3 Whoso loveth wisdom rejoiceth his father:
But he that keepeth company with harlots spendeth his substance.
4 The king by judgment establisheth the land;
But he that receiveth gifts overthroweth it.
When David sang of “A righteous ruler over men; a ruler in the fear of God,” he had to own “My house is not so.” It is Christ who will be manifested as the king who, by judgment, will establish the land. A scepter of righteousness will be the scepter of His kingdom. Meantime it is the privilege of every earthly sovereign to endeavor to be a fitting type of God’s anointed Ruler. The receiver of gifts or bribes is far from this. His evil example results in the corruption of the entire body politic. See this in Samuel’s sons (1 Sam. 8:33And his sons walked not in his ways, but turned aside after lucre, and took bribes, and perverted judgment. (1 Samuel 8:3)).
5 A man that flattereth his neighbor
Spreadeth a net for his feet.
See notes on Proverbs 28:2323He that rebuketh a man afterwards shall find more favor than he that flattereth with the tongue. (Proverbs 28:23); and connected passages. True praise, the honest recognition of merit in another, is right and proper in its place, and may be the means of cheering and encouraging a deserving person, when perhaps well-nigh cast down. But flattery-saying, what the heart does not mean in order to mislead, or to curry favor, is a net and a snare for the feet of the one who listens. Insincere remarks of an adulatory character are most dangerous. The lowly man will turn away in fear from any who approach him in this way. The heart is too prone to think well of self, as it is, without listening to the flattering words which are but as fuel to the fire of pride. How solemn the warning which the doom of Absalom would sound in our ears! None were so praised as he, and few princes have failed more terribly (2 Sam. 14:2525But in all Israel there was none to be so much praised as Absalom for his beauty: from the sole of his foot even to the crown of his head there was no blemish in him. (2 Samuel 14:25)).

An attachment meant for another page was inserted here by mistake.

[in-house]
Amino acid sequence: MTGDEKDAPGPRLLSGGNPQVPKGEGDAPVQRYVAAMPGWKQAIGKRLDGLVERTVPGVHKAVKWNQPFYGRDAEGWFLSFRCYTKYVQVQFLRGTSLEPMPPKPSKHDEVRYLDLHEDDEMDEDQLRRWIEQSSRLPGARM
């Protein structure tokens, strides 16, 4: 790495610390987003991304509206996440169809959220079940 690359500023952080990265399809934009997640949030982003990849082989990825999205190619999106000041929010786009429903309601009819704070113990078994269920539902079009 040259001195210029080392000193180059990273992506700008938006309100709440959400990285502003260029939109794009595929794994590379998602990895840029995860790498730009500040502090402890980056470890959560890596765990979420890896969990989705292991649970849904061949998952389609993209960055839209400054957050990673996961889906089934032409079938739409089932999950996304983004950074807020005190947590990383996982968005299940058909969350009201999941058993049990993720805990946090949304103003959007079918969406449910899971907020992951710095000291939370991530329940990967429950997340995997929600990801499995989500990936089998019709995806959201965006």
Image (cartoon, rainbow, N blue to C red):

6 In the transgression of an evil man there is a snare;
But the righteous shall sing and rejoice.
7 The righteous considereth the cause of the poor:
But the lawless regardeth not to know it.